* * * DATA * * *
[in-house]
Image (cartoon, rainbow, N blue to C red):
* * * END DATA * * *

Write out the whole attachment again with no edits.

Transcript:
[in-house]
Image (cartoon, rainbow, N blue to C red):